Wednesday 25th May (Letter to a teenager)

When I woke up this morning, it took me a second to remember where I was.

Having remembered where I was, felt like shooting myself.

These days, the ringing of my alarm clock has become the bedside version of the ding-ding that signals the beginning of today’s round of attempting to keep the Teenager’s hormonal wheels on the tarmac of life.

For the last week, he has been skidding on and off said road on a minute-by-minute, hour-by-hour basis.

I may be guilty of a cop-out in terms of writing a proper entry in my diary today but, in my defence, am exhausted.

The energy required to safely oversee the process of a young man shedding the shell of his childhood is, apparently, more of a 24/7 job than having a new-born baby ever was.

I have reproduced here an email that I sent this very day to the Teenager, in response to his e-attempt to have his, recently imposed, 8pm curfew lifted.

I feel that, whilst there are reams and reams of literature, magazines and blogs dedicated to which yoghurt is best for a two year old, that the difficulties encountered whilst managing the sometimes terrifying behaviour of a teenager are a matter for parental shame.

A damagingly silent void exists.

As parents, we are left to fend for ourselves in the belief that it is just ‘our’ teenager that is behaving like a total and utter schitzo.

I choose to speak out.

This diary is about honesty after all, so here you are: Honesty, Single Mum style.

Michael,

I appreciate your sentiments but you need to be clear on something.

We passed the negotiation phase of this discussion a way back.

I have explained the rules and you will be following them, it’s that simple. If you don’t like it or you are angry with me, I can live with that.

You don’t need to agree or like it, you simply need to understand that you will either follow the rules or things will just keep on getting more and more uncomfortable for you.

You are a fifteen year old school-boy and you’ve got work to get on with, I will not be distracted by all this over-dramatic bravado.

Your laptop, PS3, Sky-box and allowance will be returned, one by one, on a fortnightly basis but, and it’s a big but, you will earn the return of these privileges by following the rules already discussed and also by refraining from swearing, kicking, shouting and screaming.

One such incident will delay the return of any given item by another week. Furthermore the items you have already earned back will be removed again and we will start right back from the beginning.

Your recent behaviour has required me to step up to the plate and do what needs to be done to guide you through what appears to be an incredibly confusing and unsettling time for you.

Expect to find strong boundaries and high walls because I’m here, I’m your parent and I intend to ensure that your actions have swift and direct consequences.

Whether these consequences are pleasant or unpleasant is entirely  your choice.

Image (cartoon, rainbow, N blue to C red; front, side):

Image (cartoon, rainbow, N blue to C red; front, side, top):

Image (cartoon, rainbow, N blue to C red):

I hope that very soon you will come to the conclusion, as I did years ago, that you are a clever, talented, kind-hearted young man who has within his reach, all of the wonderful things that life has to offer.

I hope that this will be the case because I love you and remain, despite recent events and what you may be imagining that I am thinking, incredibly proud of you.

We will get through this but there may be some stormy seas ahead.

Be absolutely assured, I am buckled up and ready for whatever may come.

I’m your mother. 

The buck stops here.

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10 thoughts on “Wednesday 25th May (Letter to a teenager)

  1. Single Mum – you are tops bird ! that was a great mail to the teenager. And if anything like my one will maybe grunt, grunt and more grunts but rest assured he will be thinking about your mail and undoubtedly come round… its a tough old life with these teenagers !xx

  2. I am shall i say very impressed by what you wrote to your son. The overall guidance you gave him and the positive outcomes i hope will make a difference. Unfortunately kids think the tiniest of things are the worst things that can happen to them. Living life will teach them different. But for now i hope he trys to understand you as his mum and the fact you are as we all try to do the best for our kids. I love the way you dealt with that. well done exhausted mum now try get some rest before the next wave starts..lol

    • Thank you Diane, thank you for your support and encouragement. I need all the support that I can get right now. I hope that my transparency on the matter might raise some debate on the issue of the ‘cheese-stands-alone’ nature of raising a teenager.

  3. Hi
    So well put. Very positive. Chin up as although the next year or so will be tough, your lovely son will emerge from this teeange coccoon (SP?) as a well balanced mature man!!!

  4. What a fantastic response to what must be draining and dreadful behaviour. You’re right, there’s not a lot out there for us singles to turn to when it comes to teens – and so many teens now feel as though they *ought* to be able to live life as though it’s Hollyoaks I think too many parents are just wandering around shell-shocked. Good for you. Big pat o0n the back.

  5. Can I print this off and put it on the wall in a glass frame with a little hammer ‘ For Teenage Emergency Use Only’? Brilliant.

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